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Greer Smith

Greer Smith is founder and president of TRANSART & Cultural Services, Inc. The organization’s mission reflects her commitment to promote an understanding and appreciation of the culture, history and arts of the African Diaspora. Smith’s talents run deep and have been applied across a spectrum of functions and organizations. Her experience includes over twenty years of arts management and programming, fundraising, program development, producing, and organizing in various media. This diverse career has been founded on service to community, a belief in life-long learning and played out over a soundtrack of jazz.

Since relocating TRANSART to the Hudson Valley, Smith has focused the organization’s resources on developing and bringing programming to New York’s Hudson River Valley. She has become a leading consultant to the arts and humanities community in the region. Exhibitions of fine art and the history of the Hudson Valley as well as the cross-cultural aesthetics of the diaspora and world cultures. She has been the curatorial force behind significant exhibitions on art and history throughout her career. Notably, Somebody’s Calling My Name organized for the quadri-centennial of the city of Kingston. This exhibition was installed in 4 locations in various areas in the city of Kingston including: Uptown, Rondout, Midtown. Part of the exhibition was developed by Smith into a panelized traveling exhibit that has been displayed in the north east as well as annually in the Ulster County Legislative Bldg.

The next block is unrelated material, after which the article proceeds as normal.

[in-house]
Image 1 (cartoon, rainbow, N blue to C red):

Prior to her work in institutional development for the arts, Smith produced programming for broadcast and corporate media. Among her clients were: Nestle, Grumman Aerospace, Hoffman-LaRoche Laboratories and HBO. She was lead consultant to the Brooklyn International African Arts Festival; responsible for its ultimate branding and position as part of the multi-cultural fabric of the city of New York. In her role as consultant Smith worked with renown printmaker Robert Blackburn developing a plan for his successorship from the Printmaking Workshop.

Smith also served as Executive Director of the MUSE Community Museum of Brooklyn, developing a music program that nurtured the creativity of jazz musicians who have become part of jazz history. Her other activities include working on Human Rights issues with NGOs through the Southern Diaspora Research Center and United Nations Commission on Sustainable Development.

In 2000, Smith marshaled the resources to produce an afternoon concert featuring a commissioned piece by jazz legend Ahmad Jamal, in West Park, Ulster County. Under her direction, that afternoon has grown to be Jazz in the Valley (JITV), an annual festival featuring such world-renowned musicians and jazz masters.